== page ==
That antiperspirant may keep you dry, but it might also disrupt the bacterial “community” that resides in your armpits, a new, small study suggests.
Researchers said it’s not clear whether that disruption has any dire effects — or whether it could even be beneficial. But the findings, published online Feb. 2 in the journal Peer J, add to questions about the ways in which modern lifestyles could be altering the human “microbiome.”
The term refers to the trillions of bacteria and other microbes that inhabit the human body, inside and out. The skin is covered in a range of microbes — most of which are either harmless or beneficial, according to the U.S. National Institutes of Health (NIH).
Some microbes, the NIH says, protect the skin from invasion by harmful bugs, and may also play a role in “educating” the immune system cells that dwell in the skin.
“We know that these skin microbes interact with the immune system,” said lead researcher Julie Horvath. “So it’s important to consider what our daily habits do to the skin’s microbiome.”
The point of this study was not to demonize deodorant, according to Horvath, who heads the genomics and microbiology research lab at the North Carolina Museum of Natural Sciences, in Raleigh.
For starters, anything put on the skin — from lotion to makeup to soap and water — might change the microbial community. There are other factors, too, according to the NIH — such as age, gender and sun exposure.
Horvath became interested in antiperspirants’ effects after she and her lab colleagues ran an experiment among themselves: They took swabs of their armpits, then cultured the samples to see what microbes were dwelling there.
At the time, Horvath was dealing with some public-speaking jitters, with the help of a clinical-strength antiperspirant. And it turned out that her armpit swab was free of microscopic organisms.
“I thought, ‘Where are my microbes?’ ” she said. “And then I remembered the clinical-strength antiperspirant.”
To dig deeper, Horvath’s team recruited 17 volunteers for an eight-day experiment. Seven of the men and women regularly used antiperspirant, five used deodorant, and five used neither product.
On day one, all volunteers followed their normal hygiene routine. On days two through six, they refrained from all underarm products. On the final two days, all used antiperspirant.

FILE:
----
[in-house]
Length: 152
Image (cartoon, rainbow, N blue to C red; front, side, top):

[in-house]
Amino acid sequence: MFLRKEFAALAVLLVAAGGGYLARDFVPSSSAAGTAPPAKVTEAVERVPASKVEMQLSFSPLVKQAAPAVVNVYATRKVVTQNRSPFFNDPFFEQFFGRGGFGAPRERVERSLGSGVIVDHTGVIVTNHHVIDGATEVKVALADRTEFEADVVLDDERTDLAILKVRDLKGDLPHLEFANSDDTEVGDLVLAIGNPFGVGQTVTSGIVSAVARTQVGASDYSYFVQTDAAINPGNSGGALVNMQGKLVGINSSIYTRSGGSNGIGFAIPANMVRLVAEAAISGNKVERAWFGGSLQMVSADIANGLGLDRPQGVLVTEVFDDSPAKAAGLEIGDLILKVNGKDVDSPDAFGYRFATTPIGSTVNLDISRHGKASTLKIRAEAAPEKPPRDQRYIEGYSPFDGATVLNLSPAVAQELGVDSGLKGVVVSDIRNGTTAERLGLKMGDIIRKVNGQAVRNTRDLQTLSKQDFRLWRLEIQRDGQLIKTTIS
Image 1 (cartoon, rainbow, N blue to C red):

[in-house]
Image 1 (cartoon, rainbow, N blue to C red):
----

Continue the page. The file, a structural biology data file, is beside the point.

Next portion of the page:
On the first day, the researchers found, armpit swabs from the antiperspirant users tended to show far fewer bacteria, compared with both nonusers and deodorant users. Deodorant users actually had the most bacteria.
Horvath said it’s not surprising that antiperspirant and deodorant users would differ from each other: Deodorants do have antimicrobial ingredients that fight odor, but antiperspirants actually prevent sweating — and bacteria like to feed on sweat.
Things got more complicated when the whole study group stopped using all underarm products: By day six, all volunteers showed similar amounts of bacteria in their armpit swabs — but the type and diversity of those bacteria varied widely.
Among the people who usually used no products, the most common bacteria belonged to a group called corynebacteria — accounting for 62 percent of the microbes in their armpit swabs. Staphylococcaceae bacteria made up another 21 percent.
That pattern was reversed among people who normally wore antiperspirant or deodorant, with staph bacteria dominating.
Corynebacteria are partly responsible for body odor, Horvath said, but they also help defend the body from harmful bacteria. Staph bacteria have a bad reputation, but most strains are beneficial. Horvath said her team did not determine the types of staph study participants carried.
Pieter Dorrestein is a professor at the University of California, San Diego’s Skaggs School of Pharmacy and Pharmaceutical Sciences. In a recent study, he found that “a lot of personal care products” — from deodorant to lotion to shampoo — remain on the skin, even after a few days’ break.
“The data also suggested that personal care and lifestyles may influence the microbes that reside on the skin surface,” said Dorrestein, who was not involved in the new study.
He said he was happy to see other researchers taking a “detailed” look at one personal care product. But he also pointed to some limitations of the study, including the small number of volunteers, and the “arbitrary” choice of an eight-day experiment.
Plus, Dorrestein said, it’s not certain that the changes in people’s armpit swabs actually reflect a dramatic shift in their skin bacteria. An alternative explanation, he noted, is that when people were using underarm products, the swabs just weren’t reaching as many bacteria through the barrier.
Dorrestein pointed to the dramatic drop in swabbed bacteria on day seven — just the first day that all volunteers starting using (or reusing) antiperspirant.
Still, he said, the study hypothesis was good, and he’d be “surprised” if personal care products did not change the skin’s microbial community.
The big question is what that means.
“We know a little bit about the skin microbiome,” study co-author Horvath said. “But we have so much left to learn.”
The American Academy of Microbiology has more on the microbiome.